One of my key female employees has told me that she and her partner are starting fertility treatment. Apparently, this could involve a considerable amount of time off. How should I handle this and what are her rights?
One in seven couples in the UK has problems conceiving, so clearly this issue will continue to affect businesses.
Women who are receiving fertility treatment do not have the same statutory rights as women who are pregnant.
They are therefore not entitled to paid time off for ante-natal care, and do not have the specific right to claim automatic unfair dismissal on grounds of their pregnancy.
Some women may be frightened to take time off to attend appointments because of worries it will lead to disciplinary action. Therefore, you should be as flexible as possible, as this will remove an area of stress from the employee.
As your employee is being up-front and honest with you, you should sit down with her to discuss each other’s expectations.
Look at the woman’s attendance and medical records to date and be aware that you are entitled to seek assurance that any time off for treatment will not affect her performance ratings and will not disrupt your business.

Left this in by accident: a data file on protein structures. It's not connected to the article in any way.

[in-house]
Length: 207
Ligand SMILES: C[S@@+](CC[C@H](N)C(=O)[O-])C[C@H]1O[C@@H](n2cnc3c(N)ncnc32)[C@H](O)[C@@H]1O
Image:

She, in turn, may expect a reasonable number of paid or unpaid days’ absence towards her fertility treatment – bear in mind that the Health & Safety Executive has recently recommended this.
Any time off that is certified by a sicknote should be treated under the company’s sickness policy.
Any request for time off should be treated the same as for a man who has requested time off for, say, elective surgery, to avoid a claim for sex discrimination. Try to establish clear guidelines on this issue.
Remember to take account of the fact that fertility treatment is complex and may be an ongoing process for your employee over a number of years.
Judith Watson, head of employment, Cobbetts
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